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Advocacy Responses to Law Reform Trends in Africa Felicita Hikuam ‘THERE ARE NO HOMOSEXUALS HERE’

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Presentation on theme: "Advocacy Responses to Law Reform Trends in Africa Felicita Hikuam ‘THERE ARE NO HOMOSEXUALS HERE’"— Presentation transcript:

1 Advocacy Responses to Law Reform Trends in Africa Felicita Hikuam ‘THERE ARE NO HOMOSEXUALS HERE’

2 Background 38 Countries in Africa have laws that criminalise same– sex behaviour; On May 8, 1996, South Africa became the first country in the world to enshrine lesbian and gay rights in its constitution; There is a trend to introduce new laws that criminalise same sex-behaviour or provisions for harsher sentences; Punishments range from imprisonment to death; In countries that have no specific criminal penalties for same-sex conduct, authorities have detained suspects under a variety of laws;

3 Background Arguments used to support criminalisation include: ‘homosexuality is unnatural; un-Africa; and against African culture, religion and values History shows that same-sex sexual practice has been recorded in Africa even as far as pre-colonial days; Criminal laws against homosexuality are the legacy of colonialism – not homosexuality itself; Rates among MSM and WSW are significantly higher and current HIV interventions are non- existent or not of sufficient;

4 Advocacy for Enabling Environment Need for repeal and amendment of laws prohibiting sexual acts between consenting adults in private; enforcement of anti-discrimination laws; provision of legal aid services, and promoting campaigns that address homophobia Governments should know their epidemics by ensuring surveillance; Support establishment and /or strengthening of networks of LGBTI; Call for funding of interventions targeted to the needs of LGBTI – Global Fund developments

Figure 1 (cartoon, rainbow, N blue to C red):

5 Advocacy for Law Reform Time-consuming; labour intensive, politically complex and fraught with risks; Effort spent may bear little result if the law is not implemented or not accessible to those who need it; Should be based on a legal audits; Should be as much about process as content

6 Lessons learned... Need to get on the same page regarding our commitments and understanding of human rights African civil society must be at forefront of advocacy for law reform ; Much more work to be done on working with law makers, judges and law enforcers; More resources needed for access to justice; Make access easier – alternative dispute resolution mechanisms, HRC.... ; MSM and WSW should be empowered to know and claim rights; Work with media allies.

7 Case Study: Namibia Multi-stakeholder platform; Existence of a number of laws and regulations that discriminate on the basis of HIV/AIDS status and/or obstruct access to comprehensive services; Removal of all HIV/AIDS discriminatory laws, policies, regulations, guidelines and practices through: law reform; supporting an enabling environment and awareness-raising; Activities include: legal support ; legal audits and law reform programmes; “Know your rights campaigns”; human rights training; stigma and discrimination reduction programmes; programmes that focus on gender norms and eliminating GBV

8 Thank You

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